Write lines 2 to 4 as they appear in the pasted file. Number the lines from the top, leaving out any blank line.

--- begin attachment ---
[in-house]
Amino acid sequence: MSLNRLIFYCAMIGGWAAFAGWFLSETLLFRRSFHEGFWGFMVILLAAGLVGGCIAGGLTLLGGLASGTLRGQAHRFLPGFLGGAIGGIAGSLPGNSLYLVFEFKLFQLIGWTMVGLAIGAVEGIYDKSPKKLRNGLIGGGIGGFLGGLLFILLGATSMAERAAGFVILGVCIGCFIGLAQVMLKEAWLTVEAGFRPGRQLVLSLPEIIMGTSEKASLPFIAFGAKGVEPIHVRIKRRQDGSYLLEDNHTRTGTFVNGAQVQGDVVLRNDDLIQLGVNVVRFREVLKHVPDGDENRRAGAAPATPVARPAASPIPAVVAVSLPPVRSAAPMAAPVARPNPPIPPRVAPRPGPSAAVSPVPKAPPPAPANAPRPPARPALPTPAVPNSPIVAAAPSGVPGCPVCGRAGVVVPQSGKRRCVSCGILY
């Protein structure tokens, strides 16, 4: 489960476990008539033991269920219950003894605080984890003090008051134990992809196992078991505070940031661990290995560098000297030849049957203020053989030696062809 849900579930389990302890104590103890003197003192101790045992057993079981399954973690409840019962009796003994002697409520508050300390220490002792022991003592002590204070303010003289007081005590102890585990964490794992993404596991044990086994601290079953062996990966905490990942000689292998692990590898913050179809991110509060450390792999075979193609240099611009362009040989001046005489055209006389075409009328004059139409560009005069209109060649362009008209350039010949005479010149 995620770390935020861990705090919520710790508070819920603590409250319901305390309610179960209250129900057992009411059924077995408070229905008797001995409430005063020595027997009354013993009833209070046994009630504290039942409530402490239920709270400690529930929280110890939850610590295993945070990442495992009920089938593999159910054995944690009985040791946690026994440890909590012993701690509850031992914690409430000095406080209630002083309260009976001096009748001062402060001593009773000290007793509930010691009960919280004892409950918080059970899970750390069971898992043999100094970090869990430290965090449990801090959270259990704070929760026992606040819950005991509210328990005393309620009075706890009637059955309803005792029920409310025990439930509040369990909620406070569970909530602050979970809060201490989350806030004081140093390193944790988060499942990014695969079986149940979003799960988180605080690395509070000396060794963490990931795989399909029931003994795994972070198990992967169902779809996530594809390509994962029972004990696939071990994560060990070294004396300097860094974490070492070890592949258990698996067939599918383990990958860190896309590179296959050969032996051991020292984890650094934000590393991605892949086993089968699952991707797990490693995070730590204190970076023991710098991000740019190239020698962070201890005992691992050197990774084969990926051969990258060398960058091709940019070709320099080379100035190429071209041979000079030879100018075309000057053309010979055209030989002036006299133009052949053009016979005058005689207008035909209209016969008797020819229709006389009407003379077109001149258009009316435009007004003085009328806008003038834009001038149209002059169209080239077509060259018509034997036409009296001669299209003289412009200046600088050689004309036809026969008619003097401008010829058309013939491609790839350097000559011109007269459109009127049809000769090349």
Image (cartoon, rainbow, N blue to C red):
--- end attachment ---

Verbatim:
Amino acid sequence: MSLNRLIFYCAMIGGWAAFAGWFLSETLLFRRSFHEGFWGFMVILLAAGLVGGCIAGGLTLLGGLASGTLRGQAHRFLPGFLGGAIGGIAGSLPGNSLYLVFEFKLFQLIGWTMVGLAIGAVEGIYDKSPKKLRNGLIGGGIGGFLGGLLFILLGATSMAERAAGFVILGVCIGCFIGLAQVMLKEAWLTVEAGFRPGRQLVLSLPEIIMGTSEKASLPFIAFGAKGVEPIHVRIKRRQDGSYLLEDNHTRTGTFVNGAQVQGDVVLRNDDLIQLGVNVVRFREVLKHVPDGDENRRAGAAPATPVARPAASPIPAVVAVSLPPVRSAAPMAAPVARPNPPIPPRVAPRPGPSAAVSPVPKAPPPAPANAPRPPARPALPTPAVPNSPIVAAAPSGVPGCPVCGRAGVVVPQSGKRRCVSCGILY
């Protein structure tokens, strides 16, 4: 489960476990008539033991269920219950003894605080984890003090008051134990992809196992078991505070940031661990290995560098000297030849049957203020053989030696062809 849900579930389990302890104590103890003197003192101790045992057993079981399954973690409840019962009796003994002697409520508050300390220490002792022991003592002590204070303010003289007081005590102890585990964490794992993404596991044990086994601290079953062996990966905490990942000689292998692990590898913050179809991110509060450390792999075979193609240099611009362009040989001046005489055209006389075409009328004059139409560009005069209109060649362009008209350039010949005479010149 995620770390935020861990705090919520710790508070819920603590409250319901305390309610179960209250129900057992009411059924077995408070229905008797001995409430005063020595027997009354013993009833209070046994009630504290039942409530402490239920709270400690529930929280110890939850610590295993945070990442495992009920089938593999159910054995944690009985040791946690026994440890909590012993701690509850031992914690409430000095406080209630002083309260009976001096009748001062402060001593009773000290007793509930010691009960919280004892409950918080059970899970750390069971898992043999100094970090869990430290965090449990801090959270259990704070929760026992606040819950005991509210328990005393309620009075706890009637059955309803005792029920409310025990439930509040369990909620406070569970909530602050979970809060201490989350806030004081140093390193944790988060499942990014695969079986149940979003799960988180605080690395509070000396060794963490990931795989399909029931003994795994972070198990992967169902779809996530594809390509994962029972004990696939071990994560060990070294004396300097860094974490070492070890592949258990698996067939599918383990990958860190896309590179296959050969032996051991020292984890650094934000590393991605892949086993089968699952991707797990490693995070730590204190970076023991710098991000740019190239020698962070201890005992691992050197990774084969990926051969990258060398960058091709940019070709320099080379100035190429071209041979000079030879100018075309000057053309010979055209030989002036006299133009052949053009016979005058005689207008035909209209016969008797020819229709006389009407003379077109001149258009009316435009007004003085009328806008003038834009001038149209002059169209080239077509060259018509034997036409009296001669299209003289412009200046600088050689004309036809026969008619003097401008010829058309013939491609790839350097000559011109007269459109009127049809000769090349």
Image (cartoon, rainbow, N blue to C red):